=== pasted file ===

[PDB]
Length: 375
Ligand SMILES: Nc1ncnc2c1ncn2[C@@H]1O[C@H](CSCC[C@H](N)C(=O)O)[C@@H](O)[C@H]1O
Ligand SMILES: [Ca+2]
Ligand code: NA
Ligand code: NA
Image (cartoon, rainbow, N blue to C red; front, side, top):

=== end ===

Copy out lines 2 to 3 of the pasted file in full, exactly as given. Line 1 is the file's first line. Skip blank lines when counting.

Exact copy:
Length: 375
Ligand SMILES: Nc1ncnc2c1ncn2[C@@H]1O[C@H](CSCC[C@H](N)C(=O)O)[C@@H](O)[C@H]1O